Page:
|Directed by:||Michael Bay|
|Written by:||Ehren Kruger, Roberto Orci, Alex Kurtzman|
|Starring:||Shia LaBeouf, Megan Fox, Isabel Lucas, Josh Duhamel, John Turturro|
|Released:||June 24, 2009|
I have disliked almost every major blockbuster in the past two months. The list includes The Proposal, Year One, Land Of The Lost, Terminator: Salvation, Angels & Demons, Ghosts Of Girlfriends Past and X-Men Origins: Wolverine. The only shining lights have been Star Trek, I Love You Man and The Hangover.I wanted to like this film. I needed something positive to talk about. I wanted confirmation that I’m not a Grinch and there are some good films still out there. Alas, I find myself in a conundrum. Transformers: Revenge Of The Fallen is a flat, tiring experience. I saw it with a friend and that fact that he agreed has given me some comfort that I’m not insane.
I’ve seen some really good action films in my time as a critic. It can be exciting to watch a cool character escape from a perilous situation and defeat a nasty adversary. Unfortunately, I didn’t think any of these characters were even remotely interesting. They made me chuckle a couple of times but that’s about it. When Shia LeBeouf and Megan Fox wrap their arms around each other, with a beautiful sunset as the backdrop, I couldn’t care less.
When it comes to making action flicks, there aren’t many directors bigger than Michael Bay. He blasted onto the scene in the mid-1990s with Bad Boys and The Rock (both great films). Unfortunately, he’s become a victim of his own success. I now find his action films too “over the top”. It’s as if he doesn’t care about the story. It’s all about big explosions, helicopter flyovers and slow-motion running sequences. Check out Armageddon, Pearl Harbour and The Island as examples.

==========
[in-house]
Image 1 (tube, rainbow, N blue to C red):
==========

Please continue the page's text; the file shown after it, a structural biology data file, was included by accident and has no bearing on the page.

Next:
This flick is more of the same. I give him credit for creating a spectacle. I actually don’t think I’ve seen a film where so much stuff blown up. It must have cost a fortune. There’s also a tonne of special effects – to the point where I wondered if any of it was real. The problem is that it feels like “all action and no talk”. There’s no chance to develop any plot because we spend so much time watching fast-paced battle sequences. The big finale drags on forever. Two and a half hours is way too long for a film of this calibre.
So what’s it all about? Some evil robots are trying to find the location of a machine which will allow them to destroy our sun and harness the energy. They also need to find a special key. The man with the answers is high school graduate Sam Witwicky (LaBeouf). With the help of the U.S. army, a posse of friendly robots and bunch of new friends, Sam travels to the Great Pyramids in Egypt to save the world.
My favourite film critic is Roger Ebert who writes for the Chicago Sun Times. If you haven’t been turned off by my own thoughts, let me offer a quote from Ebert’s scathing review of the film - “If you want to save yourself the ticket price, go into the kitchen, cue up a male choir singing the music of hell, and get a kid to start banging pots and pans together. Then close your eyes and use your imagination.” An apt quote indeed.